Content in Landscapes.

For me, there are three fundamental aspects to Landscape Photography outside the Exposure Triangle. One of them is Contrast, and the other two are Content and Composition. In other words, the three big C. This post is about Content.

Content is paramount. Without content, Contrast and Composition are worthless. Content is what interests the viewer and sets apart the good landscape shot from average.

(This pictures main subject is the windy road.)

Content doesn’t have to scream in your face, but it has to obvious enough not to go completely unnoticed. Just imagine how much more the above image would be with a car on the road. But content can also be the absence of such a main focal point. That road is usually quite empty, except for the odd car and the regular bus connection that goes every two hours. In this case, emptiness is the content. But is has to be well played to be received as such.

(A lone tree at the Teich.)

Content can also be the odd one out, like this one tree at the lake that’s separated from the forest by a field and yet does not look displaced. Or a lone birch tree in a forrest of spruce trees. The odd one out is a powerful subject if used correctly. If not, it can get messy quite fast.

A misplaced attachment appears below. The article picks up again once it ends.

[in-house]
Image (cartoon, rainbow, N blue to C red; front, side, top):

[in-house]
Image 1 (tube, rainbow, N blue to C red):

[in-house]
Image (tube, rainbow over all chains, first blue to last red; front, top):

(A lighthouse in Spain.)

Ever since I remember doing photography, content has drawn my eye and led me to shoot things that others may not. Or at least not always. The Cap de Formentor Lighthouse on Majorca is a prime example. There are many images of it online, but not many from where this one was taken. And I didn’t even press the shutter strictly because of the lighthouse, but more for the path leading toward it. Leading lines aren’t stricly Content though, so I will come back to them in a different post.

(A car passing.)

Cars are easy content to have, and most of the times you don’t even have to be that patient to get one that you like and that fits the mood you are going for in front of your lens. And since I’m usually not doing car photography, I actually like cars blurred in my images to show the motion and sense of urgency they convey.

(The subject is easy to find.)

Overall, it is pretty much important that your content is clearly identifiable. Not necessarily like the British Flag on this shot of a MGBs’ side panel, but still easily enough not distract the viewer from your message. Content is storey, and storey is content. And both are important to tell the viewer what you want to tell them with your photography.

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